Even the fashion industry of years gone by doesn’t need me because the material ghosts of old collections still hang in thousands of second-hand shops and the unworn depths of peoples wardrobes.
I wouldn’t rule that option out completely, of course. I would rather reuse what is already there than contribute to the production of anything new or virgin. Upcycled and remade clothing can be done and it can be done well. Take a look at Christopher Raeburn and Zero Waste Daniel for two prime examples. Get me a studio and a new sewing machine and I’m sure I’ll be off with my best attempt at this.
This isn’t exactly a new realisation; that maybe I, and the planet, have outgrown my childhood dream. I’ve known it for a while now, that I would never want to start my journey as a designer on a path that leads to more environmental and social impact. I would only ever want to do it right.
In fact, this isn’t the first time I’ve announced this publicly either – the first time I did, was during a speech I made on College Green, for Extinction Rebellion Bristol’s Summer Uprising.
No matter how many times we say small steps matter, or that we don’t need to do everything perfectly – I know this is something I would have to do perfectly. I could never start creating something that would harm the planet or my future, more than it already has been and this is the mindset that I believe is lacking from those who continue to support fashion week (and have criticised Extinction Rebellion’s upcoming actions).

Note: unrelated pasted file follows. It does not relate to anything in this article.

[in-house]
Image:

This is where I suppose you could say things get a little sad. It reminds me of being in London during Extinction Rebellion’s first International Rebellion Week. A young boy explained that despite the crisis we face, he still really wants to be a musician. That’s his dream, as well as having a family. But, this boy, much younger than me, was questioning it due to the uncertainty of knowing if he has a future that will give him enough time to achieve these dreams.
Kids, who are 10 and 11, will only be in their early twenties by the time that twelve-year countdown comes to an end. That’s where I’ll be soon, and if my life now and everything I’ve ever heard about being a young adult is anything to go by, I still don’t have anything figured out. Even less so, when “I want to be a fashion designer” is something I’m willing to start letting go of.
This is an emergency. If there’s anything I – or other designers – should be designing, it should be a life vest, suitable for wearing in extreme heat and weather conditions when the ice has melted (completely) and sea levels have risen.
If I have the time, that is. In between all of the protests and the fear, I’d quite like to enjoy myself whilst I’m still able to.
Will you be at London Fashion Week? Let me know your thoughts in the comments.